Talks to decide on what EU food waste policy will look like begin this week.
The three-way negotiations, called trialogues, will be a showdown between the European Parliament and the European Council and Commission, who each enter the negotiations with their opening positions to thrash out a final compromise agreement.
Campaigners have slammed the European Council and Commission for their lack of ambition, and urged them to unite behind the European Parliament’s ambitious food waste proposals. They lay out the case for this in a new policy paper: https://www.foe.co.uk/sites/default/files/downloads/EU%20food%20waste%20campaign%20-%20Policy%20paper%20on%20Waste%20Directive.pdf
Over 50 organisations from 18 EU countries and over 70,000 people through Change.org and Global Citizen petitions have backed a campaign started by campaign group This Is Rubbish, calling for ambitious binding targets to halve EU food waste from farm to fork.
In March 2017, following massive pressure from campaigners, the European Parliament voted to introduce farm-to-fork targets to reduce EU food waste by 30% by 2025 and 50% by 2030. The Parliament also voted to call on the Commission to review making these Union-wide food waste reduction targets legally binding by 2020, and to support a food waste hierarchy to prioritise food waste reduction and redistribution to charities over other uses such as burning for energy. The Parliament will enter the trialogues advocating for these policies.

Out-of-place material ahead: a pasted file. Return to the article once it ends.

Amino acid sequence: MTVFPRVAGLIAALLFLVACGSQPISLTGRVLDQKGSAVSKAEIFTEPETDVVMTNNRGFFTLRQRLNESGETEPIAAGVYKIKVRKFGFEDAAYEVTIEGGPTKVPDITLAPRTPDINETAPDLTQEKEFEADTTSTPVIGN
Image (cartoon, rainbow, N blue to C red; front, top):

In contrast, the European Council and Commission are advocating for targets which are not farm-to-fork, non-binding, and do not include the food waste hierarchy – placing the European Parliament’s proposals under threat.
The Commission has previously been accused of bowing to industry lobbying in watering down its food waste ambitions, and was heavily criticized by the European Court of Auditors in January for its inadequate actions to solve food waste.
This is Rubbish campaigner Martin Bowman said: “After years of negotiations, the final show down is beginning to decide on the next 14 years of EU food waste policy, and it’s all to play for. We condemn the weakness of the European Council and Commission’s positions on food waste, and urgently call on them to up their ambition and unite behind the European Parliament’s ambitious food waste proposals. Binding farm-to-fork food waste targets are vitally needed to face the urgent challenges of climate change, land and water depletion, and food poverty”
“Targets to halve EU food waste by 2030 vitally need to include the whole supply chain from farm to fork, because up to 59% of the EU’s food waste occurs before it gets to the retail shelves, on farms and in factories.
“We need the Commission to review of making these targets binding by 2020 to ensure member states take them seriously and we don’t end up with tokenistic action. We see time and again that voluntary codes have uneven rates of uptake and often deliver lacklustre results, whereas binding regulation delivers a level playing field and leads to swift and dramatic improvements. And we need to see a food waste hierarchy adopted, to prioritise feeding food to people and designing waste out of the system in the first place.
“The European Parliament’s proposals deliver on all of those points, whereas the Council and Commission’s proposals risk leaving us with non-binding targets which sideline huge amounts of food waste in the food industry in favour of an approach skewed towards consumers. This is a big opportunity for the Council and Commission to rally round the Parliament’s inspirational food waste targets.”